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How to Recognize Your Business’ Potential for New Opportunities


How to Recognize Your Business' Potential for New Opportunities

When a leader is rising through the ranks of an organization this person often gets rewarded for keeping their boss in his or her comfort zone. We have all heard judgments like, “I can trust Susan Star; she understands our business”. Over the years, I have learned that the boss often means that she is following the rules or concepts that he or she is comfortable with—trusting that Star will not step out of the accepted norm.

How to Recognize Your Business' Potential for New OpportunitiesHowever as comforting as it may be to have someone follow in your footsteps and accept “the right way to run the business”, it can produce a generation of leaders that follow rather than lead. Many companies have been perpetuating this cycle long enough that the leadership team is fully entrenched in the thinking of the past.

I have recently worked with several companies that have had exceptionally strong, iconic leaders that became wealthy and widely admired running their companies. However, in each of these cases business has been stagnant for years, yet the aspiration of the next generation of leaders continued to be described in the statement, “If I just do what our previous leader/founder did, we will surely return to our glory days and I will be a great leader.”

However, the world changes, markets change, the workforce changes, competition changes, and technology changes. The golden rules that filled the coffers of the company and leaders in the past, can no longer be relied on to produce new opportunities and grow the enterprise—no matter how well we adhere to them. Because of my role as a confidant to the leaders, I have also learned that those iconic leaders very much want the company to move on, adapting to the changes and driving their legacy, not through worship of the practices of the past but through remarkable success.

The longer the leadership team has been in a sustaining mode, staying true to the old ways, the further they have likely slipped backwards from their best-possible state. In fact, they are likely unable to even recognize their potential because they have lost their creative muscles. It is time to get on the offensive and generate new growth and opportunity—but how? Below are 3 ways to recognize your business’ potential for new opportunities:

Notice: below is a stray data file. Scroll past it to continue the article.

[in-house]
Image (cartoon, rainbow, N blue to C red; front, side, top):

1. Start by recognizing that there is an optimal performance level for every enterprise.

Between that best-possible level and your current performance, is a field of opportunities that offers increased profits and security.  Most compelling is the fact that every dollar of profit lost to unrecognized opportunities is lost forever. It will never be available again.

How to Recognize Your Business' Potential for New Opportunities

2. Profit optimization begins with the acceptance that regardless of how well practices and rules worked in the past, survival depends on the decision to apply yourself to continuously seeking out opportunities to pursue your best-possible.

With the complexity of most enterprises, optimal performance requires a commitment to creativity and the use of a computer-based profit optimization system.

3. Stop inadvertently draining the life from your business.

Commit to becoming your best-possible and start identifying and pursuing your opportunities, honoring your predecessors by taking the business to levels they could never have imagined. Great leadership requires a combination of both art and science; the art requires humility, courage, study and practice; the science requires modern analytics and optimization systems.

Here is an exercise for your team: Put a performance continuum on your white board at your next meeting, zero on the left, ten on the right.  Ask your team where they believe your company’s performance is on the scale. Most teams rate their performance levels at six or less.  Whatever your score, ask your team what they can do to help close their profit gap. That should start one of the most important conversations you can have.  You will likely find many ways to reach beyond progress-killing comfort zones (just by agreeing there is such a thing) and to recognize your business’ potential for new opportunities.

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